Lining up a bunch of “exfoliants” and “moisturisers” on my bathroom cabinet, I hardly felt like Wolverine. However, despite my initial reservations, it turns out smearing my face with sweet-smelling goo helped me embrace my masculinity more than watching any bout of UFC ever could.
Before we get ahead of ourselves: full disclosure — my bum fluff did not transform into a Viking-strength beard. My biceps did not mysteriously enlarge. My languid Aussie accent did not convert to gravelly Spartan tones. And — disappointingly — I did not assume any unearned powers of attraction.
However, on my week-long journey, I learnt a few important lessons. From overcoming stereotypes to (almost) vanquishing my resident eye-bags, a lot happened when I started wearing face moisturiser.
But first: the terms. Utilizing Jackson Miles’ $74.95 ‘Fig & Cedar’ Face Kit (consisting of two bottles: a cleanser and a moisturiser), I followed the kit’s instructions (apply each cream one after the other, morning and night) to see how fresh I felt.
Here’s what I learned.
The Placebo Effect Is A Real Thing
Upon my first application of the moisturiser, the moment it arrived in the post, without having completed the exfoliation that would usually come before it, I felt a tingling sensation from forehead to cheeks. I then ‘noticed’ an immediate glow in the mirror. Alas, my co-workers did not concur (or at least, no one commented on it).
I Like A Good Tingle
Arriving home that night, I’m ashamed to admit I ignored the instructions and applied the moisturiser on its own again, hoping to re-create that ‘pleasant prickling’ feeling. To my dismay: nothing. Nada. Rien de rien. Note to self: don’t chase the skincare dragon.
The Moisturiser Is Easier To Use Than The Cleanser
Resolving to take my challenge seriously, on the morning of day two I actually used the cleanser (this involves splashing it around your face with water, working up a laver and rinsing it all off) before applying the moisturiser on top.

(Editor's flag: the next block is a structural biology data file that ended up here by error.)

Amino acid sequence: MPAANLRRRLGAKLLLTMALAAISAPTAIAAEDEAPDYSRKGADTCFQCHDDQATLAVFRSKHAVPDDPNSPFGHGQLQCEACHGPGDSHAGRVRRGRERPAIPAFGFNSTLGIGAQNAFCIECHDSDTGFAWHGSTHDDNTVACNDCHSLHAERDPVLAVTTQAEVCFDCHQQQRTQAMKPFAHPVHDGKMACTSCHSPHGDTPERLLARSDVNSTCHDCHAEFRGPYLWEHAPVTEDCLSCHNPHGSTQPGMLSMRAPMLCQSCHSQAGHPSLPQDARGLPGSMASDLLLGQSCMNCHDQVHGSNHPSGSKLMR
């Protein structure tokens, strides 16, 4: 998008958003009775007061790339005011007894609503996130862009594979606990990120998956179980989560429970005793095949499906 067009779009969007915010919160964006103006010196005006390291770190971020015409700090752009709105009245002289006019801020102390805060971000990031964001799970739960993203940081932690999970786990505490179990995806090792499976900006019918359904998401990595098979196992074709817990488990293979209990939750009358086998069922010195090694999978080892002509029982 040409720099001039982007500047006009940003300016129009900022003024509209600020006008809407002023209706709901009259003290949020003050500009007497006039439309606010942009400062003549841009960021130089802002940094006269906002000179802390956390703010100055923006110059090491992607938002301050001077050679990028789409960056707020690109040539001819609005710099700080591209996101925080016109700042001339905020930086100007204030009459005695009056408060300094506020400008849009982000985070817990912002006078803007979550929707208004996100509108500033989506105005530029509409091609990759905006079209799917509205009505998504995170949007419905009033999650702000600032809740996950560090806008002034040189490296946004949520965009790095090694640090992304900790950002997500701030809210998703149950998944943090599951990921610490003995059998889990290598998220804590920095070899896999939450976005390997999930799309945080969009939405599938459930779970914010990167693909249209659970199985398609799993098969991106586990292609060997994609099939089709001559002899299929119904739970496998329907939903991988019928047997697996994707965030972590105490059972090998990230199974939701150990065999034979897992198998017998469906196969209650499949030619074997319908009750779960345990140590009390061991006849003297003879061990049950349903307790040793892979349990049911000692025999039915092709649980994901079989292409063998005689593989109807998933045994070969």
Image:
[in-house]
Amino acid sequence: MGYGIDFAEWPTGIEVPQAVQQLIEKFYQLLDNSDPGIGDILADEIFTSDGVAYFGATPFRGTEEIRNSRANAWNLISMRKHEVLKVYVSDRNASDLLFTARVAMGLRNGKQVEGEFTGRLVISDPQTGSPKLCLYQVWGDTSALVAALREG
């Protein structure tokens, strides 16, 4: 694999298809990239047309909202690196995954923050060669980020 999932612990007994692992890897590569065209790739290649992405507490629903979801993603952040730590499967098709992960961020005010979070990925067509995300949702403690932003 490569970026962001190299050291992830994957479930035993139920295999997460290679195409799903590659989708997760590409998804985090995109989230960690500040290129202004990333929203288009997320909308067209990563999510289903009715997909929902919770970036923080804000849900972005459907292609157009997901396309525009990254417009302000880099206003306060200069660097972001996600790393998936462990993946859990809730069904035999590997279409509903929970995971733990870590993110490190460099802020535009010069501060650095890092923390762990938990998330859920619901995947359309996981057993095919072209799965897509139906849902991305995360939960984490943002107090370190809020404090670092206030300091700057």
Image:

While I had no difficulty with this process (some minor flecks of exfoliant on the mirror aside), it made me realise that if I were to incorporate “looking after my face” into my long term routine, I would probably just buy the $49.95 moisturiser on its own (and keep my fingers crossed for that elusive tingle).
Showers Are Over-Rated
Short on time? Rub out the sleep from the corners of your eyes, whack on some moisturiser and the only thing left to be
desired fixed is your hair.
Having Bags Under Your Eyes Isn’t Cool
Much as I love the ‘zombie chic’ look, finding a way to make it appear that I am not a raging insomniac has actually been quite useful. While you may not become a Tinder sensation overnight, people are not as hesitant to engage you in conversation (lest they be struck by a pre-coffee death stare) or appear confused as to why you are not trying to eat their brains.
Following Simple Instructions Is Not That Simple
Despite reading The Face Kit’s instructions twice daily for a week, I am still not sure if it’s necessary to totally rinse off the cleanser (or if it’s ok to just get most of it off) before applying the moisturiser.
Anyone Who Uses The Word ‘Metro-Sexual’ Is Stuck In 2005
Forget the stereotypes; beauty products aren’t just for women. The male cosmetics industry is growing fast and — whether you put it down to LinkedIn or Instagram — is poised to boom.
Once You Start Looking Fresh, People Expect You To Always Look Fresh
Is there a downside to looking good? It makes your ‘off days’ more obvious. But as any personal trainer or fashionista will tell you: “No pain, no gain”.
It Is Possible To Overcome One’s Internal Prejudices
I have always told those that suggested I commit such atrocities as wearing sunscreen for my pre 9 am, 20 minute stroll between the train station and my office that I’m not afraid of looking my age, with everything from “Wrinkles are just dermatological wisdom” to “I don’t mind aging naturally” leaving my (cracked) lips.
Long term vanity goals aside, I can safely say the short term benefits of keeping your skin looking #fresh have helped me understand the attraction behind these kinds of products.
That said, before I sign up permanently, I’d like some more research to be conducted on whether using them affects your body’s ability to look after itself (much like over-using lip balm makes you more prone to cracked lips when you stop using it than someone that has never used it would be).
I also thought that looking attractive, as a man, came down to your genetics and the amount of time you spent in the gym. However, I can now confirm there is a sneaky third factor, which helps you accentuate everything from your wobbling jowls to your pretty cheekbones.
Just remember to rub it all in.